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Pain is a gift

Cloak transcends black metal chaos with occult ambiance

StudioColor DavidParham (2)
Photo credit: David Parham
CLOAK

Darkness can be a liberating palette in the right hands.

Splayed across a canvas of tension, Atlanta quartet Cloak's debut album, To Venomous Depths, offers a study in saturated contrast and occult ambiance that acknowledges both the art and aesthetic of the sinister. 

Commanding swaths of primary dynamics and malevolent angles, Cloak grapples with what comes before and beyond life, with death and the rebirth of self, and how to differentiate an artistic project in and from the continuum of black metal.

Guitarist and vocalist Scott Taysom and drummer Sean Bruneau first started going over ideas for an extreme metal band in early 2013. They met guitarist Max Brigham later that year, and got down to jamming.

This earliest incarnation of Cloak leaned more toward the red-aura aggression of death metal. Bassist Matt Scott, for instance, clawed his way out of the crypt through shows at the P.S. Warehouse and 529, sharing the stage with Mangled, Sadistic Ritual, and other gory thrash gods as part of the band Living Decay.

This version of Cloak, however, didn't survive a year-long hiatus, and when the band reactivated in 2015, it tempered brutal technicality with more epic harmonics, unafraid to embrace both the chilling melodies of bands such as Sweden's Dissection and the mid-pace hooks of Deep Purple and Danzig.

The objective was to "gain power through simplicity, repetition, strong choruses something bands in the death metal genre typically don't do well a lot of the time," says Taysom by phone, taking a break from preparations for the band's record release show. "To me, there's a difference between songwriting and riff writing, and you can write as many great riffs as you want, but unless you know how to write transitions between them, a song isn't going to flow well.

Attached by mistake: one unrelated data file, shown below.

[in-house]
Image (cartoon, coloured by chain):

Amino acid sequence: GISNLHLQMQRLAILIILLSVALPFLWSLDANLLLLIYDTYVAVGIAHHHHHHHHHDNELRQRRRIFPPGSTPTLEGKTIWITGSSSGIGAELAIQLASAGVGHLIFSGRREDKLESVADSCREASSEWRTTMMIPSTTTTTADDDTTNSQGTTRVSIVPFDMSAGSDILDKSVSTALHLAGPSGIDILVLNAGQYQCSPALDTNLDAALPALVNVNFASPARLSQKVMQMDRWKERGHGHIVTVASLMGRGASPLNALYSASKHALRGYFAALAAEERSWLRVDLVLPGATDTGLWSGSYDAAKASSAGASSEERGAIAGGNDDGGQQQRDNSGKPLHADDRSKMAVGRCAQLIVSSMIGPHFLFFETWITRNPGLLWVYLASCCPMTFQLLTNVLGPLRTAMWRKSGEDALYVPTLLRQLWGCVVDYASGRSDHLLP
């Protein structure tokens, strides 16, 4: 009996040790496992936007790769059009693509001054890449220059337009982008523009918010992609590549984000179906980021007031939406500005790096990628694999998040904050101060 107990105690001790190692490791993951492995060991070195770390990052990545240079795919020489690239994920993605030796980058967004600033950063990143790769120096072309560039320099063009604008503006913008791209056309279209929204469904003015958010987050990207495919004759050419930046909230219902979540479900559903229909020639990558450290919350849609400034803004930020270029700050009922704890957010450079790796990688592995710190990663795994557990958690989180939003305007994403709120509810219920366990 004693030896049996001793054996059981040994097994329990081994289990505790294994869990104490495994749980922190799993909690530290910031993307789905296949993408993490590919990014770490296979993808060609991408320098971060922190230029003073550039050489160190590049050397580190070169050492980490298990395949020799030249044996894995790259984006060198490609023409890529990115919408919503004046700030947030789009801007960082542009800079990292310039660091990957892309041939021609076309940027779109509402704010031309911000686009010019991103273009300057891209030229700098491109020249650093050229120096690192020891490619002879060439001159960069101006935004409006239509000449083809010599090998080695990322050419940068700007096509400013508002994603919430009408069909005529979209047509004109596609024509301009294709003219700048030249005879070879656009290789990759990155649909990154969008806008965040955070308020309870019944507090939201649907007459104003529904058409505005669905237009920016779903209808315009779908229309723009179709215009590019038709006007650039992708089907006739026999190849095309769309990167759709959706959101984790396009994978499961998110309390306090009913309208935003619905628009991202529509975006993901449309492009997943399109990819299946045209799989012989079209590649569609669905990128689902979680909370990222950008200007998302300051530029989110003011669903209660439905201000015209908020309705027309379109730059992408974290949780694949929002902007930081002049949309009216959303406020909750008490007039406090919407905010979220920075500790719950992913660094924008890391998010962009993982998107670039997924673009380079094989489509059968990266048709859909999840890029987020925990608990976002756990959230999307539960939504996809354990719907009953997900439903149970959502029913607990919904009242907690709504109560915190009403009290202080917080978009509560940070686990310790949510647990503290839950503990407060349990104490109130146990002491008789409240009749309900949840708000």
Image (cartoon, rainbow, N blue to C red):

Developing alongside, and yet disconnected from, the chaotic transcendence of the black metal scene anchored by bands like HellGoat and Vimur Cloak worked to hone a coherent style introspectively.

"I respect that every leader of those packs of bands is doing something different, but so is Cloak, and I think we just work better when we keep to ourselves," says Taysom. "I know what I wrote for this record was done in a secluded state, physically and mentally.

"I think pain is a gift, if you view it the right way, and change is, too," Taysom adds. "I went through a lot, a darker time, and I learned to welcome change with open arms. This isn't a concept album, but it's definitely a journey, a spiritual ascension of sorts."

What Cloak has done with To Venomous Depths, released through respected French indie label Season of Mist, following an EP on local imprint Boris Records, is a collection of nine surging, incisive tracks that look past the barriers of genre as readily as they do the shackles of mortality. Similar to the embrace of psych and prog rock by Sweden's Tribulation, or the ability to recall Thin Lizzy, Fucked Up, and Viking metal as done by Norway's Kvelertak, Cloak bolsters tremolo frenzies with power chord swagger as binding as any incantation.

Recorded with Joey Jones at Aria Studio in Marietta, To Venomous Depths maintains an open, relatively uncompressed production with boomy drums, destructive bass, distorted but articulated guitars, and caustic yet discernible vocals. Thinking toward future recordings, Taysom sees Cloak as a platform to incorporate whatever comes naturally whether that be a Doors-esque intro or a blast beat.

Similarly, he sees the band's shows as an opportunity to create an immersive communion, a chance to use everything from the fliers to the stage dressing to the edge of the other bands on the bill to liberate believers among the elongated shadows.

With Dropout, Ectovoid, and All Hell. $10. 8 p.m. Sat., Nov. 18. The Earl, 488 Flat Shoals Ave. S.E. 404-522-3950. www.badearl.com.

 

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